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Comment on this story.

Lawmakers say closer look at NRC needed
Monday, March 3, 2003

OAK HARBOR, Ohio (AP) — The discovery a year ago that acid had eaten a hole through steel at a nuclear plant along the shores of Lake Erie has prompted change, though some in Congress say the changes fall short.

Rep. Marcy Kaptur says a closer look at the Nuclear Regulatory Commission is needed to determine how federal regulators did not find the problem sooner.

“They’re on my target list of attention,” said Kaptur, D-Ohio. “I will not let them out of my sights.

“I think they’re culpable. I think they need to be held accountable.”

Kaptur’s district along Lake Erie is home to the Davis-Besse nuclear power plant, which has been shut down since the pineapple-size hole was discovered in a layer of steel covering its reactor.

During a routine maintenance outage, inspectors found that leaking acid had gnawed through the six-inch steel cap covering the plant’s reactor vessel. The corrosion and damage went unnoticed despite thorough inspections by the plant operator and the NRC since 1998.

The damage was the most extensive corrosion ever at a U.S. nuclear reactor and led to a nationwide review of all 69 similar plants. Two plants, one in Tennessee and another in Texas, have found leaks and a small amount of corrosion on the reactor heads.

Lawmakers say at issue is whether the NRC bowed to pressure from FirstEnergy Corp. and allowed the utility to keep Davis-Besse operating despite concerns about the reactor lid.

“There were a number of warning signs that make it hard, in hindsight, to understand how it wasn’t discovered earlier,” said David Lochbaum, a nuclear engineer and industry watchdog for the Union of Concerned Scientists.

The NRC has rejected allegations that it put profits ahead of safety. It has conceded that it should have detected the damage at Davis-Besse sooner and will make changes that include conducting more thorough inspections and demanding better assurances from plant operators that problems are fixed.

The NRC on Feb. 11 issued an order that all plants similar to Davis-Besse make visual inspections for cracks and damage to reactor caps and check the nozzles that pass through the lids.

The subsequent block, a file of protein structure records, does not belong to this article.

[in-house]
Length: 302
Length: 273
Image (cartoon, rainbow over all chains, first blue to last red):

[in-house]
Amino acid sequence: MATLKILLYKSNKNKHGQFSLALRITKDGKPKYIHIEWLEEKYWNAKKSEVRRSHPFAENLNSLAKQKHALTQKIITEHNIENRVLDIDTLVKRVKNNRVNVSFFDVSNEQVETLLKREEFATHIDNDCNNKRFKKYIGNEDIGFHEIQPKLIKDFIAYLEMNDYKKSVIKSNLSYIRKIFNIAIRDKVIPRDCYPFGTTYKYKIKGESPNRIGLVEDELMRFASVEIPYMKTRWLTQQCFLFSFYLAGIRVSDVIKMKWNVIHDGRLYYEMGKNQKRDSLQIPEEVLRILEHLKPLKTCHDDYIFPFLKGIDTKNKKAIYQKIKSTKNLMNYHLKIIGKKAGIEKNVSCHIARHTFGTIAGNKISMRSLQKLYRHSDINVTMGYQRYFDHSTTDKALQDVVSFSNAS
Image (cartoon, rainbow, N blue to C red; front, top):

Federal regulators also are making changes in their reviews of plants that include conducting more thorough inspections and demanding better assurances from plant operators that problems are fixed.

Lochbaum said most of the changes have been minor adjustments.

“Had there been six Davis-Besses out there then the scope of the changes would have been larger,” he said. “But most of plants didn’t have boric acid leaking over a period of years and reactor head damage.”

There also are questions about whether the agency’s inspectors were alerted three years ago to photos that the reactor’s lid was coated with rust.

NRC Chairman Richard Meserve has said officials made the right decisions based on the information they had available.

A Senate subcommittee that oversees nuclear safety met last month to question regulators why they did not review a report that indicated there was trouble with the reactor.

“This has really troubled me, and I’d like some answers,” said George Voinovich, R-Ohio, chairman of the subcommittee. Voinovich told regulators that they would be back “again and again” until he is satisfied that the problems were fixed.

“I want to know what the NRC is doing to prevent this from ever happening again at Davis-Besse or any other nuclear power plant in America,” Voinovich said. His office again this week said it would press for more answers.

Lochbaum said there is a concern that the resident inspector at the plant knew of some of the problems “but felt his hands were tied.”

“One reason the NRC missed some of the warning signs is because its budget has been cut every year since ’93,” Lochbaum said. “That means it has less inspectors.”

This year, the Bush administration proposed cutting funding for nuclear plant inspections even though the NRC’s overall budget would increase.

NRC officials said the budget was proposed before the problems at Davis-Besse came to light.

Kaptur said she would support more money for inspections.

The agency’s commitment to safety has been questioned even among its employees.

Only half of all NRC employees told the agency’s internal watchdog that they believe it is a safe career move to bring up safety issues. Many also said that they don’t think there is an emphasis on safety because there are too many close ties with the industry.

Kaptur and fellow House Democrats Dennis Dennis Kucinich of Ohio and Ed Markey of Massachusetts have asked for a separate hearing on Davis-Besse in the House. But majority Republicans have not shown an interest.

Much of the blame for what happened at the nuclear plant near Toledo has fallen on its operator, Akron-based FirstEnergy. The company said it missed warning signs that should have tipped it off to the corrosion damage and is making more than $300 million in repairs.

———

On The Net:

Nuclear Regulatory Commission: http://www.nrc.gov/

FirstEnergy Corp.: http://www.firstenergycorp.com/

Union of Concerned Scientists: http://www.ucsusa.org/

End Advance


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